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Gardening can be an immensely satisfying and relaxing activity. Watching the seedlings sprout and flower and in time bear fruit or vegetables can fill you with a tremendous sense of satisfaction.
Tending to your garden in spring feels especially good as you get some outdoor exercise and soak in the sun after being stuck indoors all winter.
But if you don’t have the right type of soil, or the soil is full of weeds and pests, your time spent in the garden can quickly become frustrating. No matter what you do, your plants just won’t grow and will instead start showing signs of stress. Yes, soil does play an important role in helping your plants grow and thrive.
Common Soil Problems and How to Fix Them
It’s easy to forget about the soil in your garden. It may seem like an unimportant detail that you ignore because you’re not sure where to start. The truth is that without good soil, you’ll never be able to successfully grow plants and vegetables.
Soil is often the most important part of a garden. It holds all the nutrients that plants need to grow. Without quality soil, plants won’t be able to grow because they don’t have enough nutrients or room for their roots to spread.
Some people are lucky and get wonderful soil right in their garden from the start but others need some help with this. The first thing you need to do is determine what type of soil is out there in your garden.
Test Your Soil
Two common issues with garden soil are that it is either too acidic or not acidic enough. Yes, soil needs to have the right pH balance for it to be considered good to grow.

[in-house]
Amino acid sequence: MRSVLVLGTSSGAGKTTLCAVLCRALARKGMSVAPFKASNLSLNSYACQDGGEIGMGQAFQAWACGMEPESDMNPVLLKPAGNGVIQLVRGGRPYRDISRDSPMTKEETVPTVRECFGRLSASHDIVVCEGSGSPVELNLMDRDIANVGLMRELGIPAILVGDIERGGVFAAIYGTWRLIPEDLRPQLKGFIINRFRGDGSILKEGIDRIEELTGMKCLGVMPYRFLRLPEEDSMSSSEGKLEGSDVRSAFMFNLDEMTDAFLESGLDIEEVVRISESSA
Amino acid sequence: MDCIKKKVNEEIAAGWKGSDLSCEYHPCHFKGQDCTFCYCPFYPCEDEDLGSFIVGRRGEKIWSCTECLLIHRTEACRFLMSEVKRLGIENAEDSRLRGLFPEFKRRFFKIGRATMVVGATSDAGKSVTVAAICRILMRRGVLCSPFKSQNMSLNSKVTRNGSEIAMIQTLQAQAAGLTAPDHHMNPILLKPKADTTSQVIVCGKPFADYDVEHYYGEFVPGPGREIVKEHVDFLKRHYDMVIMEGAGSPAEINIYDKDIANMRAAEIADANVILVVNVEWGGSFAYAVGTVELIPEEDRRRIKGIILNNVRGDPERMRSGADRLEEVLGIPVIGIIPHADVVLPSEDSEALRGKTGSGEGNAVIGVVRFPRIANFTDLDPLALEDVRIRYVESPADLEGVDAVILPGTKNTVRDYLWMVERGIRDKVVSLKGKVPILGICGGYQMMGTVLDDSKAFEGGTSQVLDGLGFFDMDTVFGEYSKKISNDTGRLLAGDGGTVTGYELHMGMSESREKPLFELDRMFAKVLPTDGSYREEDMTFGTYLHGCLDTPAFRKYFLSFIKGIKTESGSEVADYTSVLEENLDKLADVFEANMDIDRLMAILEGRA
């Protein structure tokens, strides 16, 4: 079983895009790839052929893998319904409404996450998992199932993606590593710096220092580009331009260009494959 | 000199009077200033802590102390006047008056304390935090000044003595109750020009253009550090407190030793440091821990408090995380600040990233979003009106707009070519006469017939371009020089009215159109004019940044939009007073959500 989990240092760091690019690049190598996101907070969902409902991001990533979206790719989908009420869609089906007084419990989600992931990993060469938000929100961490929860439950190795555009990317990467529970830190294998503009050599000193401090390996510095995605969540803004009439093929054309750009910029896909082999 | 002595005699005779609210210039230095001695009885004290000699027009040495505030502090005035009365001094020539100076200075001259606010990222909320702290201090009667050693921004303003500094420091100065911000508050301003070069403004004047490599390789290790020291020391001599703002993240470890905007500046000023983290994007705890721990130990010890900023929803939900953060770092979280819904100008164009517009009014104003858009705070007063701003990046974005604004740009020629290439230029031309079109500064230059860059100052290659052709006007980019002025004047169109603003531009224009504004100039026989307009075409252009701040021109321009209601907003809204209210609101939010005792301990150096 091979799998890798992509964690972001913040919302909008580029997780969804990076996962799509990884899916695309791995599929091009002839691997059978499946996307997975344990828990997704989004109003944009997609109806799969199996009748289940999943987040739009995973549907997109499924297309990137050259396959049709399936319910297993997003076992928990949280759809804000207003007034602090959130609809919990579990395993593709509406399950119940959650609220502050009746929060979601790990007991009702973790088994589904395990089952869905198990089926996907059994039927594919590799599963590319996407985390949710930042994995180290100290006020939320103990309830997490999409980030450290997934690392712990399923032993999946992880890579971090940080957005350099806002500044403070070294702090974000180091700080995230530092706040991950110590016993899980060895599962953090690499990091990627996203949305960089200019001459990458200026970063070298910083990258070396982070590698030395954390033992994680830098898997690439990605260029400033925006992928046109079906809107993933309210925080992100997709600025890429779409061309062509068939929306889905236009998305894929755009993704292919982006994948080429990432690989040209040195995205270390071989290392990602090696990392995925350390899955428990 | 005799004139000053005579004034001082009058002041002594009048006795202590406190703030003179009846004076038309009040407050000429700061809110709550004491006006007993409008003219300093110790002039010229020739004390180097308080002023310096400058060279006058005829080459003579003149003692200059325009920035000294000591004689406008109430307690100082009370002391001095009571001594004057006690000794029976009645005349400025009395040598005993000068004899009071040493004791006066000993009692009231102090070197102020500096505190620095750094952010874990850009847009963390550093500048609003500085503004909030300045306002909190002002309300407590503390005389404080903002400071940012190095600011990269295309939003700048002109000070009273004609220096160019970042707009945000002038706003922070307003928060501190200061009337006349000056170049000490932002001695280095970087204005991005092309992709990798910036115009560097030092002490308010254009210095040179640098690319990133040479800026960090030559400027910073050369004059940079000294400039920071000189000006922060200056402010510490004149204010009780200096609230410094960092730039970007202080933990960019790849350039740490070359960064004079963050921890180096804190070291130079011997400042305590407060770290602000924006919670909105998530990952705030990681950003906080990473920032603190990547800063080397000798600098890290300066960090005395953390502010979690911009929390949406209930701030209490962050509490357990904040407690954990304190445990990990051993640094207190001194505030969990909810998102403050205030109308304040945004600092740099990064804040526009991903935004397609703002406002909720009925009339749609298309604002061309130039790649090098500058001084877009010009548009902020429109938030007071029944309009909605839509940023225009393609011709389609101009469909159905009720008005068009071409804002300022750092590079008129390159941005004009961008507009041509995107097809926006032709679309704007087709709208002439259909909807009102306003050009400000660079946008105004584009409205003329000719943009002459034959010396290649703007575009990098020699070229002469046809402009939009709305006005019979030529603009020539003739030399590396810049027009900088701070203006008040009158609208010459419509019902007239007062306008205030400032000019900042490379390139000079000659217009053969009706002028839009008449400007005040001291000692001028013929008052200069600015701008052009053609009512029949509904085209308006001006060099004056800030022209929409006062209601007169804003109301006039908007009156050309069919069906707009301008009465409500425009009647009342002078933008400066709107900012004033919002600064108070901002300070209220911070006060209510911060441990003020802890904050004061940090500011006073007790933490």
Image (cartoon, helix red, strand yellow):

Fortunately, these two things are simple to fix and can be done relatively quickly. The first step is to check your soil to see if it is acidic or alkaline or that nice balance in the middle.
Soil that is too acidic can be remedied easily by powdered lime or Epsom salts to the soil. This will neutralize the acid in your soil and help nourish your plants so they don’t experience a cyanide-producing disorder called blossomed end rot.
When making your own compost for your garden with acidic soil, compost more eggshells for a higher calcium level.
Sometimes the soil is not acidic enough. With this problem, plants cannot absorb nutrients to grow, which can happen when the ground has grown potatoes or been without fertilizer for a while.
Soil that is too alkaline can be fixed in a few simple ways like applying nitrogen and sulfur fertilizers. If you add too much, use lime to reduce the acidity level of the soil. This should only be done every 4-6 years because it can increase nitrate levels in your water supply as well.
Sometimes the pH balance isn’t right due to high drainage from potted vegetables like potatoes or lack of fertilization over time.
To remedy this, plant a nitrogen-fixing plant, like green beans. As they grow, they will naturally raise the PH of the soil.